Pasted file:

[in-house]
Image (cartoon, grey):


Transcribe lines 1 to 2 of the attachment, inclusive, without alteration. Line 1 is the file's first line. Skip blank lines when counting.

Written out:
[in-house]
Image (cartoon, grey):